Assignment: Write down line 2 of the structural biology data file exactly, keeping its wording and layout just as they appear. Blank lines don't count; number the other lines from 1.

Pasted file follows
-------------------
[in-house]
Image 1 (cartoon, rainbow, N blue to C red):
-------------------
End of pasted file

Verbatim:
Image 1 (cartoon, rainbow, N blue to C red):